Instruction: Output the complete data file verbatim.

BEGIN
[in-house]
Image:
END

[in-house]
Image: